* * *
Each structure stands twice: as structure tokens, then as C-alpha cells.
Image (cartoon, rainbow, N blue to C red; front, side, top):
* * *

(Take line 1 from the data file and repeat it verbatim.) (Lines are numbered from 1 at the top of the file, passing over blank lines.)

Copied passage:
Each structure stands twice: as structure tokens, then as C-alpha cells.